Light in a vacuum is the one or stream of photons of light, they travel until they strike some mass, they are absorbed into that mass. If that mass is made of certain stuff, when the light is absorbed, at almost the same time another photon of light is emitted.

    But that takes a finite amout of time, ie, photon hits electron, electron goes to a higher state, then the electron falls back to a lower energy state and emits a photon.

    That sequence of steps takes more time that if the photon was not absorbed and was free to travel in its own right.. in a vacuum.

    If you could see the light travelling between the electrons in a solid, they would travel at the speed of light in a vacuum, but for a short distance until they interact with another electron and raise it to a higher energy state, causing that electron to emit a photon.

    The dual nature of light I do not think has much or anything to do with its speed of travel, because mass, atoms are particles with mass, that are not going at the speed of light also exibit a dual nature just as light does.

    To explain the dual nature of light and matter, well hopefully someone smarter than I will take that one up. :)
     
  23. Oct 8, 2010 #22

    ZapperZ

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    We need to be careful here.

    In many cases, when people talk about "speed of light" as applied to some measurement, it is typically the speed of the group velocity of light, as opposed to either the phase velocity or even photon velocity.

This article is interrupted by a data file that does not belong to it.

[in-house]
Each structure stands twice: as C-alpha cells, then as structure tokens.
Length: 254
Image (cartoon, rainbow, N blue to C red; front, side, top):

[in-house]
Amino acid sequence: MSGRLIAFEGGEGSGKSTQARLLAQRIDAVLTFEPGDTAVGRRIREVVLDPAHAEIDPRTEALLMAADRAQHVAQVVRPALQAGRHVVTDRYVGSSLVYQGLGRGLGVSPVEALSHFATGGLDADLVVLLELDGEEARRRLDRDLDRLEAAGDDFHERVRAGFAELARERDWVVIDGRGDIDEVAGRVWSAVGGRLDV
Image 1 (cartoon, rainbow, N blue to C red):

Zz.
     
  24. Oct 18, 2010 #23
    Thanks you all
     
  25. Oct 18, 2010 #24
     
  26. Oct 18, 2010 #25
    "How does the new photon "know" in which direction to go in order to be properly reflected (or, sent) in an optical instument"

    Im not sure of the offical or correct theory of light transmission through matter, or reflection.

    But I can imagine, (in my world), that what happens when a light photon is absorbed by 'stuff' is that the photon strikes an electron, that is in orbit arount the nuclious.

    When the photon strikes the electron that electron if it gains enough energy will move into a higher energy orbit, and in a finite time, will drop back down to a lower orbit and in that process release a photon.

    If that electron has enough time to do half an orbit before it drop back to the lower orbit you can imagin that the photon will travel away from the atom at the opposite side than that it arrived from.

    If the electron has enough time to do a full orbit before it drops down and releases a photon then the photon will be released in the direction that it arrived.

    So mabey the reflective and transmissive index of a material is how fast the electronics orbit the atoms, and how long in time those electronics take to fall back to a lower orbit and release a photon.

    Half an orbit and the photon will emerge from the other side of the atom, a full orbit will result in the photon being created in the direction of the excitation photon.

    Its only a guess, and probably wrong. But it works for me :)